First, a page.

Human morphology has gone beyond our biological borders and translated into the environment that surrounds us. We have changed, over the generations of our existence and along with us our habitats, weâ€™ve managed to build complex systems and infrastructure that harbour life as we know it. Where does the inherent need to craft our living spaces come from? It may well be from within us, on both a psychological and biological level.
Monozygotic is an interactive light install embodying an abstract generative model that conveys the process of Epigenetics: How the environment affects our genome and how the human morphological phenotype extends out to the build environment through our behaviour and interaction with the environment.
A piece that investigates these complex biological processes through the mathematical frameworks of John Conwayâ€™s Cellular Automata, The Game of Life and draws parallels to the epigenetic engines that run human and environmental morphology. Better insight into Epigenetics could potentially cause human physiological and morphological evolution to leap forward and even solve many of the environmental and biological constraints that currently plague our Anthropocene era.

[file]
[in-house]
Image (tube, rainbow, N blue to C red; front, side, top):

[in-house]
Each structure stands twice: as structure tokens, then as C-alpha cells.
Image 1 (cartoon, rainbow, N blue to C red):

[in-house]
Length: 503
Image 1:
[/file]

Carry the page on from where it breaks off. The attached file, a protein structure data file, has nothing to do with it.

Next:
Monozygotic employs computer vision to track human movement and behaviour within our inhabitable spaces and translates this interaction data into the mathematical models of cellular automata that give rise to new emergent forms of behaviour through the medium of light.
Monozygotic II occupied the Life Rewired Hub at the Barbicanâ€™s Foyers. We changed our tracking system to computer vision using background subtraction & frame differencing. On detection of movement, Processing sent a signal to the Game of Life code running on Open Frameworks, that in turn communicated with the LED panels through an Arduino array. Interaction was established by the appearance of the Octagon oscillator, one of the shapes that springs out of the rule set by Conway. Multiple interactions at each of the poles defined by the grids trigger the CA and the interaction between them creates the shapes and movements of cells.